Students often ask firearms instructors which martial arts they should learn in order to be prepared to defend themselves. Rob Pincus provides self defense tips and advises students to seek instruction in two areas: striking and grappling. Rob feels the most efficient way to develop close-quarters striking skills is at a Muay Thai school, and Brazilian Jiu-Jitsu for grappling. Dedicate a few months to learning the basics and then practice regularly.
If you are a firearm instructor who teaches defensive shooting, you obviously need a range to teach at. In this video, Chuck Usina, the owner of the Ancient City Shooting Range, shares his thoughts on how a new firearm instructor should go about establishing a professional relationship with a range. Understanding the range owner and/or…Watch Now >>
Instructor Don Edwards discusses and demonstrates the differences between shooting with a bipod and shooting from an improvised rest. Both methods can dramatically increase deviation control, but the improvised rest techniques are much more versatile and universal.Watch Now >>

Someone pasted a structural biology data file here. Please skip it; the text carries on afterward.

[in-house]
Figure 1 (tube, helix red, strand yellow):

Student alert! If your defensive firearms instructor is not giving you an integrated system of firearm manipulation techniques but rather a set of unconnected techniques that don't integrate well together, don't reinforce each other, and don't contribute to your efficiency by being consistent with one another, you need to challenge those techniques.Watch Now >>
Brain Sabol discusses the importance of defensive firearms training for a 360 degree world, even on a typical square range. Brian offers some ideas for how you can train more realistically even when your live-fire options don’t include 360 degrees.Watch Now >>